Finnish Labour Temple
|Finnish Labour Temple|
As seen from the intersection of Bay and Algoma
|Location||314 Bay Street
Thunder Bay, Ontario, Canada
|Current tenants||The Hoito|
|Design and construction|
|Official name: Finnish Labour Temple National Historic Site of Canada|
The Finnish Labour Temple (also known as the Big Finn Hall or Finlandia Club) is a Finnish-Canadian cultural and community centre and a local landmark located at 314 Bay Street in the Finnish quarter in Thunder Bay, Ontario.
Built in 1910, the Finnish Labour Temple was at one point one of the largest workers' halls in Canada in addition to being the centre of Finnish cultural and political life in Northwestern Ontario. Currently, the hall houses the historic Hoito Restaurant, the offices of the weekly Finnish-Canadian newspaper Canadan Sanomat, a museum, and features a large stage, dance floor, and hall as well as meeting rooms for various groups. The Finnish Labour Temple serves as one of the main locations of the Bay Street Film Festival.
The construction of the Finnish Labour Temple was initiated by two organizations, the Finnish-American Workers' League Imatra #9 and the "Uusi Yritys" or New Attempt Temperance Society, who formed the Finnish Building Company. The lot for the hall had been purchased by socialist local in June 1907 and blueprints for the hall had already been prepared in early December 1908 by architect C.W. Wheeler. The building opened its doors to the public in March 1910, holding three consecutive days of opening ceremonies.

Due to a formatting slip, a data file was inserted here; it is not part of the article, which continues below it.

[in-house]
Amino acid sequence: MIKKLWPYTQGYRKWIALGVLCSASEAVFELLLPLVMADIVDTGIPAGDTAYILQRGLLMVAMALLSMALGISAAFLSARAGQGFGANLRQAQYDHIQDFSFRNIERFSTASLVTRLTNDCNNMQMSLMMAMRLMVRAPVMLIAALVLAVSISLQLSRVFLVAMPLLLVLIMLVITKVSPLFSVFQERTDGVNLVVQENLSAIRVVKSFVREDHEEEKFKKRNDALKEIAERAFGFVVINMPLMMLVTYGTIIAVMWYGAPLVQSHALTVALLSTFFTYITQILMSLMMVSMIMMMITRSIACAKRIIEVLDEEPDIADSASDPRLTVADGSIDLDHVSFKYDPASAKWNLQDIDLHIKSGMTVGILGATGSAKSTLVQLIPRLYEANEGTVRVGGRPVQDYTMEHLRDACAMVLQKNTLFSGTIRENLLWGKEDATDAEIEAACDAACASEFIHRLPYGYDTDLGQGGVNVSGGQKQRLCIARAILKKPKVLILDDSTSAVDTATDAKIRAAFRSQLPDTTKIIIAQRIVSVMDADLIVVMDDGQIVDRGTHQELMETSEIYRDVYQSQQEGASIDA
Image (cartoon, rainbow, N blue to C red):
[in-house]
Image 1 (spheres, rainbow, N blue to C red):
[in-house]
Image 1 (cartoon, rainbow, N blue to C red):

The inscription on the top of the building reads "Labor Omnia Vincet," meaning "labour conquers all."
Early Labour Temple activity, 1910–1914
Already in 1910, the hall was referred to as the "Port Arthur Finnish Socialist's Local Temple" as the socialist local had become the majority share holder in the hall and was connected to the Port Arthur Branch of the Socialist Party of Canada. The Temperance Society had basically become a committee of the socialist local. By December 1910, however, foreign language locals of the Socialist Party had been expelled from the party. In 1911, a new organization called the Finnish Socialist Organization of Canada had been formed, which then became affiliated to the Social Democratic Party of Canada.
In January 1910, during the first annual meeting of the Finnish Building Company, the membership voted to rent the downstairs of the hall to the Finnish Publishing Company, who occupied the basement until the summer of 1912 when it moved to its own building next door. Of note, was the first Finnish-Canadian newspaper Työkansa (The Working People), which was published by the Finnish Publishing Company. Between 1910 and 1914, the basement of the hall also housed several co-operative restaurants and a billiards room.
On September 12–17, 1910, the Trades and Labour Congress of Canada held its annual convention at the Finnish Labour Temple complementing the "industry, thrift and co-operative spirit" of the Finnish community in the commemorative booklet given to convention delegates.
The First World War and the communist/syndicalist split
During the First World War, the foreign-language affiliates of the Social Democratic Party were declared illegal by the Canadian Government. This led to many difficulties as several Finnish-language newspapers were banned and leading organizers were arrested. At this time, many Finnish workers joined the rapidly emerging One Big Union and the regional support group became the majority share holder of the Finnish Building Company.